The current models of inflation work not simply by assuming that the universe did undergo a phase of exponential inflation, but they moreover introduce a new field – the “inflaton” – that supposedly caused this rapid expansion. For this to work, it is not sufficient to just postulate the existence of this field, the field also must have a suitable potential. This potential is basically a function (of the field) and typically requires several parameters to be specified.
Most of the papers published on inflation are then exercises in relating this inflaton potential to today’s cosmological observables, such as the properties of the cosmic microwave background.
Now, in the past week two long papers about all those inflationary models appeared on the arXiv:
Cosmic Inflation: Trick or Treat?
By Jerome Martin
Inflation after Planck: Judgement Day
By Debika Chowdhury, Jerome Martin, Christophe Ringeval, Vincent Vennin
The first paper, by Jerome Martin alone, is a general overview of the idea of inflation. It is well-written and a good introduction, but if you are familiar with the topic, nothing new to see here.
The second paper is more technical. It is a thorough re-analysis of the issue of finetuning in inflationary models and a response to the earlier papers by Ijjas, Steinhardt, and Loeb. The main claim of the new paper is that the argument by Ijjas et al , that inflation is “in trouble,” is wrong because it confuses two different types of models, the “plateau models” and the “hilltop models” (referring to different types of the inflaton potential).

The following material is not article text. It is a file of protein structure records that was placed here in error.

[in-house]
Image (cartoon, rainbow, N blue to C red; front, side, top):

According to the new analysis, the models most favored by the data are the plateau models, which do not suffer from finetuning problems, whereas the hilltop models do (in general) suffer from finetuning but are not favored by the data anyway. Hence, they conclude, inflation is doing just fine.
What do the @physicists think?
I agree with Sabine, the fine-tuning problem is not well-posed. From her blog post:
Finetuning arguments will forever remain ambiguous because they eventually depend on unjustifiable assumptions. What’s the probability for getting any particular inflaton potential to begin with? Well, if you use the most common measure on the space of all possible function, then all so-far considered potentials have probability zero. This type of reasoning just does not lead anywhere. So why waste time talking about finetuning?
This reminds me of the other conversations we’ve had here about the danger of naively multiplying assumed probabilities together and using it to disprove evolution, the origin of life or the Resurrection (e.g. Falter: Every Birth is a Statistical Impossibility). It could be applied here to fine-tuning in the same way.